After a $350m (€306m) investment from Bain Capital, the two companies have created Cereval Therapeutics. The new company will focus on neuroscience and neuropsychiatry, inheriting 10 programs from Pfizer, three of which are already in clinical trials.
Pfizer announced in January that it was leaving the discovery and early clinical development of neuroscience, yet has found a solution to remain within the field – by holding a 25% stake in the newly-created company focused on neuroscience development.
Pfizer will have two directors on the new company’s board: Doug Giordano will serve as senior VP of worldwide business development, and Morris Birnbaum, CSO of internal medicine. Adam Koppel and Chris Gordon of Bain Capital will also join the board.
This portfolio will include a symptomatic treatment for Parkinson’s disease, a targeted psychosis treatment, a treatment for difficult epilepsy populations, an opioid abuse disorder drug, a disease-modifying treatment for Parkinson’s, a nicotine abuse treatment, and a few others focused in the area of neuroscience and neuropsychiatry.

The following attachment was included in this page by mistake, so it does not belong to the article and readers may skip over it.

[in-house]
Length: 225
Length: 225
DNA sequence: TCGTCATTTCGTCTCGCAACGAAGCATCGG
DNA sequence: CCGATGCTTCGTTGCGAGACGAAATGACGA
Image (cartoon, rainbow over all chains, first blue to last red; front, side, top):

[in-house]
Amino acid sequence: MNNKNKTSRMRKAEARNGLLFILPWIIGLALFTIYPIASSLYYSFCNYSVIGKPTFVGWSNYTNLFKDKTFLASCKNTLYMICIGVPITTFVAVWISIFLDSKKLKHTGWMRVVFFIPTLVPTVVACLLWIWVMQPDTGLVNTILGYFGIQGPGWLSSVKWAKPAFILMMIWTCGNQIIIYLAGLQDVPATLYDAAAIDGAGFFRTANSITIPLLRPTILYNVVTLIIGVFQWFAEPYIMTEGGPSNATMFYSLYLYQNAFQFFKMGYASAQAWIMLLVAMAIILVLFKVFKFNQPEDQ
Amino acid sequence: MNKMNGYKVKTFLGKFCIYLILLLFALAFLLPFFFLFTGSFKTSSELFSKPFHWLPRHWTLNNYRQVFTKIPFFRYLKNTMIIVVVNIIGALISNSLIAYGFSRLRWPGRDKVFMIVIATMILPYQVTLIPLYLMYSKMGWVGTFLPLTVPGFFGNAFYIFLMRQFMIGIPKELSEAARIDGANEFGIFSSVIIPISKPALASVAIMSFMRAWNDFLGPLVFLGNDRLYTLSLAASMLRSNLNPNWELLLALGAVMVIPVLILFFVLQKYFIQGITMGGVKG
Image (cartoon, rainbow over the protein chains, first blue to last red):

According to Patricia Kelly senior director of Communications at Pfizer, the most advanced assets Cereval will receive in its portfolio are a D1 partial agonist, which should enter a Phase III trial in 2019. The D1 partial agonist was developed to treat the symptoms of Parkinson’s disease.
The company will also receive an asset from Pfizer that is in Phase II – a ready selective GABA 2/3 agonist that will initially be studied for epilepsy.
Focused research from focused funding
Kelly explained that Pfizer believes putting assets in a neuro-focused company is the right environment to advance research for potential therapies.
“This was part of Pfizer’s plan for a set of our neuroscience assets—to participate financially and strategically in neuroscience research and advance meaningful therapies to target Parkinson’s and Alzheimer’s disease,” said Kelly.
“Cerevel was formed with Series A Funding financing of $350 million from Bain Capital’s Private Equity and Life Sciences businesses.”
This has not been the first offshoot into a focused therapeutics company Pfizer has created. Last year, Pfizer created Springworks Therapeutics, and again Bain Capital was among the company’s investors, putting in $103 million in initial funding.
However, Alzheimer’s and the broader neuroscience area pose unique difficulties in development. According to a recent PhRMA report, between 1998 and 2017, 146 investigational medicines in clinical development for Alzheimer’s therapies have been suspended or put on hold without approval.
Yet, researchers said in the report that recent, more focused development has allowed for a new pipeline of 92 treatments to enter development.